- Member for
- 5 years 10 months
ST. PAUL - New test results show three out of four high school sophomores met reading requirements needed for graduation. The Minnesota Department of Education said that an average of 75 percent of 10th graders passed a reading test and that the tougher exam yielded improvements over last year. Results released Monday also show that while more students are passing the test, racial and economic achievement gaps remain. More than 65,000 students took the exam earlier this year.
Enbridge Energy has concluded its investigation into the Nov. 28, 2007, explosion that killed two Superior(Wis.)-based workers on one of its pipelines. Steve Arnovich, 35, and David Mussatti Jr., 27, both of Superior, Wis., were working at the site of the explosion near the northwestern Minnesota community of Clearbrook when they were killed. The federal office of pipeline safety, which is also investigating the explosion, has not released a final version of its own official report.
ST. PAUL - The 2008 Minnesota Legislature played out much like a hockey game. In the first period, Democrats who control the Legislature used a power play to smash through a $6.6 billion transportation funding bill, a construction projects funding measure and a proposed constitutional amendment to raise sales taxes to fund outdoors and arts projects. Republican Gov. Tim Pawlenty began the second period by sending some state construction projects to the penalty box, over Democrats' loud objections.
ST. PAUL - How some issues fared in the Minnesota Legislature this year: Animal chiropractors: New guidelines were established for chiropractors who practice on animals, including requiring a veterinarian's referral. Biofuels: Lawmakers approved increasing blends of biodiesel to 20 percent plant oil from the current 2 percent when mixed with diesel fuel. Bonding: Legislators passed a $924 million public works funding bill, but Gov. Tim Pawlenty pared that down to $717 million. Most college and university projects survived.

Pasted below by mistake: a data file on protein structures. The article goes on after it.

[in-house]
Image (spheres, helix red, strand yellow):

ST. PAUL - Most were known, some were expected and one came as a surprise. Those were lawmakers' reactions to colleagues' retirement announcements that came early Sunday, after the 2008 Legislature drew to a close. Twelve Minnesota House members formally announced they will not run for re-election this fall. Eight Republicans and four Democrats bid goodbye, and lawmakers expect more retirements yet this election year.
Construction crews reduced traffic on the Hastings bridge to one lane for most of the past two weeks as they worked to install a platform beneath the deck to support equipment and workers during the project. That work has been delayed by inclement weather and as a result, the bridge will be down to one lane for a little longer, through Friday, May 9. MnDOT is extending the hours of single-lane traffic across the bridge. It will now be down to a single lane from 8 a.m. to 3 p.m., Monday, May 5 through Friday, May 9. On Saturday, May 3, the bridge will be down to a single lane from 7 a.m.
ST. PAUL - Rep. Bernie Lieder is a member of the "Greatest Generation," but he never would use such a term about himself. So it was with reluctance that he accepted recognition Thursday when the Minnesota House honored the Crookston Democrat and his fellow World War II veterans. "I'm only one of the whole group, and I hate to be singled out," said Lieder, who told fellow lawmakers he appreciated that the veterans were acknowledged. The House adopted a resolution commending veterans and other Minnesotans for their contributions during the war.
ST. PAUL - Rep. Tom Rukavina has introduced 66 bills during the current two-year legislative session, including at least one he knew would go nowhere. It's a common story in the Minnesota Legislature. Rukavina, DFL-Virginia, submitted a measure that would have reversed a St. Louis County ruling against a childhood friend. When he introduced it, Rukavina said he "wasn't serious" about the bill. In a recent interview, Rukavina said he introduced the bill solely because his friend "was getting screwed.
Minnesota schools should be allowed to shorten their school days, representatives decided Monday while debating an education policy bill. House Minority Leader Marty Seifert, R-Marshall, wanted to prohibit schools from shortening their school days in future academic years. He said school days are getting shorter, but there is even more students must learn. "For goodness sakes," Seifert said during a floor debate, "could we at least agree that the school day shouldn't be any shorter?" Rep.
School districts would be required to offer a comprehensive sexual education program to students in grades 7 to 12 under a bill the Minnesota House passed after an hours-long debate stretched into late Monday. Representatives voted 79-53 to include the sex education provision in an education policy bill after a sometimes emotional debate. Supporters said schools should teach students about abstinence and provide information youth need to make responsible decisions about sexuality. Some opponents said a full-fledged sex education program does not belong in classrooms.